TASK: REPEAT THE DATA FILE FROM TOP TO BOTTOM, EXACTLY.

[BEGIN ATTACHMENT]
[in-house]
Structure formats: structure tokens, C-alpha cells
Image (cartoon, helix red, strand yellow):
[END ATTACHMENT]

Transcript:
[in-house]
Structure formats: structure tokens, C-alpha cells
Image (cartoon, helix red, strand yellow):